“There is only one fundamental alternative in the universe: existence or nonexistence—and it pertains to a single class of entities: to living organisms. The existence of inanimate matter is unconditional, the existence of life is not: it depends on a specific course of action. Matter is indestructible, it changes its forms, but it cannot cease to exist. It is only a living organism that faces a constant alternative: the issue of life or death. Life is a process of self-sustaining and self-generated action. If an organism fails in that action, it dies; its chemical elements remain, but its life goes out of existence. It is only the concept of ‘Life’ that makes the concept of ‘Value’ possible. It is only to a living entity that things can be good or evil.”

The "good" is that which furthers life and gives it value, meaning and purpose. The "evil" is that which thwarts or destroys life; and takes away meaning, purpose and the will to survive. Understanding this is essential for human survival, and that is why we are physiologically hardwired and do not have to learn how to respond to threats to our existence. Overriding that essential biological pathway can only be done through the use of fear and overwhelming psychological and/or physical threat, as is seen in totalitarian and tyrannical societies. Once this is done, the biological mechanism is harnessed by the State or Collective to do its bidding. The individual will or conscience is eliminated or suppressed and the essence of humanity is snuffed out.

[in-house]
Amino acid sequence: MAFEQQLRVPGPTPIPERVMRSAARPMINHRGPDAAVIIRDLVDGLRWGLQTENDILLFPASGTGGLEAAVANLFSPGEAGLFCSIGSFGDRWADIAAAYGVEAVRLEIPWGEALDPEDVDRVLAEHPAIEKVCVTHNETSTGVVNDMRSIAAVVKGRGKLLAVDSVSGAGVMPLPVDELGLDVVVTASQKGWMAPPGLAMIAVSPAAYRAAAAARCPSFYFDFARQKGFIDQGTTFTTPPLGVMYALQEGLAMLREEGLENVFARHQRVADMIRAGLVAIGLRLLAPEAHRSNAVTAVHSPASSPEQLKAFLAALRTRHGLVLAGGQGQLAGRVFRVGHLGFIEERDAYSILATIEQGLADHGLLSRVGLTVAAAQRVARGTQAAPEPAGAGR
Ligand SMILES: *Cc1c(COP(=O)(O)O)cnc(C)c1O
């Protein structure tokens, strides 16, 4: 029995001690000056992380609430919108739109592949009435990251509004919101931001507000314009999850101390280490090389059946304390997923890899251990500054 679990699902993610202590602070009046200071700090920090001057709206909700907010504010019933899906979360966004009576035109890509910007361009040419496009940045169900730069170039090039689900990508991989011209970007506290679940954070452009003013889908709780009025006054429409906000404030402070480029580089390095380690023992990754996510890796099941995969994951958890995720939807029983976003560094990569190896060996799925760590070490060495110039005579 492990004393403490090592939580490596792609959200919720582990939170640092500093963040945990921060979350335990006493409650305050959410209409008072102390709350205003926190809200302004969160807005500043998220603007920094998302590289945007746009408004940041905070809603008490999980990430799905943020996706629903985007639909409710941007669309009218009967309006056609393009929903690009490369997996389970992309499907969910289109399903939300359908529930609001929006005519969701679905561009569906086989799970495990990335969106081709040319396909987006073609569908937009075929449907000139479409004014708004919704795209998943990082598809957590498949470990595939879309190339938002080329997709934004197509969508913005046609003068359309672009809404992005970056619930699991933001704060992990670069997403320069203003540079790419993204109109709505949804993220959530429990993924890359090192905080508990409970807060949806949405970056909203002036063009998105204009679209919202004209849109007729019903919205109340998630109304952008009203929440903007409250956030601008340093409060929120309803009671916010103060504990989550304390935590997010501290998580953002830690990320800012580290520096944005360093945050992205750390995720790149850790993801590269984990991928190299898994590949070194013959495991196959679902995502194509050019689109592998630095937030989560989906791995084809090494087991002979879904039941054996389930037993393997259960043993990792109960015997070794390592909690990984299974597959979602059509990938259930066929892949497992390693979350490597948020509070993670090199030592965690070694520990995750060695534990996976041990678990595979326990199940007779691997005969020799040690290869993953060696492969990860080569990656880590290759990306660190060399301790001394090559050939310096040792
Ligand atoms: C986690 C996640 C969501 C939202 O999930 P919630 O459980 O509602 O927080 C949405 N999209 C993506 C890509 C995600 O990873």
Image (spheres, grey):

What we do have to learn, however, is how to control and focus the response to optimize our survival. What we have to learn is to channel the response to be productive and creative, rather than ineffective and destructive. That is, we must use our mind to determine the best adaptive response for a given situation. This requires the intellect and the use of reason, along with a degree of emotional maturity (and not hysteria or the over-reliance on emotions--either positive or negative ones).

As Ayn Rand further writes in (Atlas Shrugged):
A being who does not know automatically what is true or false, cannot know automatically what is right or wrong, what is good for him or evil. Yet he needs
that knowledge in order to live. He is not exempt from the laws of reality.

In psychological terms, human survival is not just a matter of life or death; it is also a matter of happiness or suffering. Happiness is the usual by-product when one's life is purposeful; and when it is going in the direction one has chosen and according to one's values; suffering is a red flag that something serious is wrong and that failure, a loss of values, or death is imminent.